So, as a music addict all my life – my…
This blog is part of a four-part series from the Renaturing Cities: Systemic Urban Governance for Social Cohesion conference. Over two days at the start of December, the Politecnico di Milano hosted academics, policy influencers and civil society groups who presented the best and most innovative ideas on transitioning to sustainability and renaturing cities from across Europe. There will be four blogs covering the conference on four topics: Social entrepreneurship, governance, inclusivity and architecture & town planning.
There seems to be a misconception that sustainability and transition is a luxury, not a necessity. The idea that there is a divide between those who need to treat the planet badly to get ahead with their lives, and those who have already achieved the financial stability to be able to have time to think about how their actions affect the environment is a false and damaging dichotomy.
One of the key aims of the ARTS project is to involve the entire community and public with the diversity of initiatives that can benefit their lives, whilst benefiting the world we inhabit. At the Rentautring Cities: Systemic Urban Governance for Social Cohesion conference in Milan this aim was also clear. A number of speakers discussed how they were working to be inclusive in initiatives and make what works for the environment work for us all.
Ophilie Durand from AGE Platform Europe, discussed the development of age-friendly environments across Europe for aging populations. Inclusive environments and sustainable solutions need not be mutually exclusive, as wide scale urban planning has decreased social participation and has also increased wastage of resources. Future schemes need to address both of these problems to create better living environments.
Increased availability and quality of public transport also is a public good, particularly for an aging European population, but also has significant benefits in creating a sustainable city with lower carbon emissions. With AGE Platform acting as an international organisation with significant sway over its constituent member organisations, the fact that sustainability is on the institutional agenda is an exciting development for future intersecting transition projects.
Ricardo García-Mira, a professor of Social and Environmental Psychology at the University of A Coruña discussed how sustainability is a social problem. García-Mira and the GLAMURS project believe in engaging policy makers and stakeholders to show how lifestyle changes and needs can create models for action that lead to innovative policy recommendations. Because of this linear feedback system, policy makers can focus on addressing the social problems in the context of sustainable lifestyles, and ensure a transformative social innovation theory becomes the norm in policy making.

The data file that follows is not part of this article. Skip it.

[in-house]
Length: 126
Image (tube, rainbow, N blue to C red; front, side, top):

García-Mira also shared facts on how contact with nature can create more inclusive communities. The GLAMURS project has produced research on how more greenery in neighborhoods reduces crime, including the creation of so-called “urban forests” and parks. The project has also found that more contact with nature has been linked to lower instances of domestic violence. It seems that a transition to sustainability can create better places to live for all, and if policy makers and environmental scientists have a shared language and aim, then a great deal can be achieved for inclusivity and sustainability.
Inclusivity of people regardless of socioeconomic status has always been one of the priorities of the Danish education system. Jesper Steenberg and the Sharing Copenhagen project have taken to engaging children and youth with the green city transition in line with these inclusive values. By working with children to explain environmental problems and asking them to come up with solutions, sustainability can become a form of education and societal change, leading to the next generation of pioneering adults. With Copenhagen being European Green capital of 2014, we can hope that they intend to take the work done over the year and see it applied to problems for decades to come in exciting new ways.
There still seems to be a need to focus on the education of non-environmental focused policy makers to consider the impact their work has, but with many organisations and governments taking steps to include people of all walks of life from the bottom up, it seems the wheels of transition have been set in motion. It’s a brilliant development now that moving forward towards more inclusive and sustainable societies is now the only option.